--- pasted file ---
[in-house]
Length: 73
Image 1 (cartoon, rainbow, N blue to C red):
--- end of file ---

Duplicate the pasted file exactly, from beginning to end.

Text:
[in-house]
Length: 73
Image 1 (cartoon, rainbow, N blue to C red):